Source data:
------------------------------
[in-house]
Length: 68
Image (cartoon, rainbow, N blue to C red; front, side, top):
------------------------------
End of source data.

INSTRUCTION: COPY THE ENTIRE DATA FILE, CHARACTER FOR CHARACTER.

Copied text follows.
[in-house]
Length: 68
Image (cartoon, rainbow, N blue to C red; front, side, top):